Brisbane Street Art Festival has turned Stanley Street Plaza into a vibrant canvas, with new murals lining the street from two incredible First Nation's artists.
Today we speak with one of the artists, Merindah Funnel, to find out what inspires her and her artwork.
Tell us a bit about yourself!
My name is Merindah Funnell. I am a Tubba-Gah Wiradjuri woman. I work full time as an artist. This includes education, illustration, murals, and curation. I am great-granddaughter of Black Tracker Riley – Alex Riley from Dubbo. I feel very proud of my ancestry.
We see that you draw a lot of inspiration from your First Nations heritage and your connection to the land… what inspired your work in Stanley Street Plaza?
What inspired my work for the Stanley Street Plaza was the connection to the waterways that feed us life. I have painted native plants from the specific area. I have strong connections to the water. Whether it is freshwater or saltwater. There is this calming aspect water gives. You cannot bend water too much giving it this life that you need to live alongside.
Your works help create a visual representation of First Nation’s Culture for everyone to see… why is this important to you?
It is important to me to create a visual representation of First Nation Culture for everyone to see because as a youth I was so inspired to see other Aboriginal or Torres Strait Islander art. It is what made me who I am today. I wish for other young First Nations youths to be doing what I do to also feel inspired. It is also for everyone to enjoy. First Nations throughout history have been painted as hunter-gathers and aggressive. First Nation especially in Australia has so much to offer everyone if they just choose to see and celebrate it. We have the longest living society in the world. It's so diverse in animals and plants. It holds so much beauty that we as Australians as a whole need to see.
Your works range from large scale murals and paintings to smaller, digital illustrations… do you have a favourite to create?
It really depends on my mood. But I guess at the moment I get most enjoyment using aerosol and large scale. I actually find it easy to work large than small. The aerosol is quick and bold exactly what my style is. Second to that is probably water colour. I love just playing with watercolour and creating life landscape paintings. Water has a mind of its own, you can only control it so much. This gives the artwork made from watercolour a life of its own. Think of it like a collaboration with water.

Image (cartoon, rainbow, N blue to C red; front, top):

What excites you most about street art?
What excites me most about street art is knowing that my art is celebrated. I don’t even see it as my art anymore but almost this out-of-body experience like it no longer belongs to me it belongs to the land, and I wish to be Acknowledging the Elders and Ancestors of that land. I see my culture as the first “street artists” in a sense when you look at say from my culture the scarred tree or the rock art found Australia wide. Is this not a type of “street art”?
What do you love most about Brisbane Street Art Festival?
What I loved most about Brisbane Street Art Festival was meeting so many amazing artists. Bringing so many cultures together over the love of art is incredible and inspiring.
Do you have any advice for fellow budding artists?
Advice for any budding artists is that know yourself and your worth. Constantly learn and try new things outside your comfort but always stick to who you are and your self-story is.
Psstt.. you can view more of Merindah's works online here or via her Instagram (@merindahfunnell). She also has works on Wiradjuri, Gundungurra , Dharawal, Gadigal, and Ku-ring-gai Country.